In a strategy document, the White House calls for stronger defenses against hackers from criminal enterprises and places like Russia, China and Iran.
The White House is making it clear: Threats to cybersecurity are a threat to the stability of the United States.
Now, what to do about it?
In a strategy document released Monday, the administration of President Donald Trump mentions cybersecurity issues dozens of times, and doesn't shy away from naming the countries most likely to use computer networks as a weapon against the US. The document leaves out most specifics on how the government will address this threat, but it offers a substantial update since Trump's last public policy move on cybersecurity -- an executive order signed in May.
Hacking from both criminal enterprises and the governments of Russia, China, North Korea and Iran destabilize the economy and threaten the nation's critical infrastructure, the document says. In response, "The United States will deter, defend, and when necessary defeat malicious actors who use cyberspace capabilities against the United States."
While the document names the energy sector and other pieces of "critical infrastructure" as potential targets of hackers and other kinds of attackers, there's one word that doesn't come up: elections. Under former President Barack Obama, the US Department of Homeland Security said it would classify elections as part of the country's critical infrastructure and seek to help states and local governments keep hackers out of the voting process.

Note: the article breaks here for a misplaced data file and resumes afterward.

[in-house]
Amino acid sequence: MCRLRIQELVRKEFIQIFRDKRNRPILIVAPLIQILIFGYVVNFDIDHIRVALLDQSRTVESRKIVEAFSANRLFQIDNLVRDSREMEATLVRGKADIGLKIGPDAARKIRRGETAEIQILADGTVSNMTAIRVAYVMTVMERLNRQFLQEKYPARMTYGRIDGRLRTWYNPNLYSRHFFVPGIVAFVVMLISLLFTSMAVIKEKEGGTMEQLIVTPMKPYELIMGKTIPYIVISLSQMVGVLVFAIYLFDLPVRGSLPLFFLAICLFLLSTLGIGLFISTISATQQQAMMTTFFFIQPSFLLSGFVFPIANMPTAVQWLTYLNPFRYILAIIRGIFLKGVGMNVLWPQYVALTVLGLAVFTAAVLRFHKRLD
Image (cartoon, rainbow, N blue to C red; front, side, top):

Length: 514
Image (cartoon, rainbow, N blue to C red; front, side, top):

The omission isn't surprising, said Michael Sulmeyer, a cybersecurity and national defense expert at Harvard's Belfer Center.
"It seems to be a sensitive topic," Sulmeyer said of election hacking. "Objectively, there should be stuff in there about election security, but based on everything we know about this administration, that's almost an unreasonable expectation." Trump has vacillated on whether Russia was responsible for hacking that led to the public disclosure of emails from Democratic party operatives.
The document does name Russia, however, the country that intelligence officials say ran a campaign of hacking and misinformation during the 2016 election that brought Trump to the White House.
"Through modernized forms of subversive tactics, Russia interferes in the domestic political affairs of countries around the world," the document says.
This section is surprising, Sulmeyer said. "For all the political discourse going on, there's no doubt that the author of this document believes Russia is really up to no good in cyberspace."
The document also names China as a country that hacks to steal intellectual property, an issue that came to a head during the Obama administration. In 2015, Obama and Chinese president Xi Jinping made an agreement banning the countries from hacking each other for economic gain.
But as for the lack of concrete steps listed in the document, Sulmeyer said, that's typical of a national security strategy document. "These documents are not necessarily known for being innovative," he said. "This is not where you take big chances."
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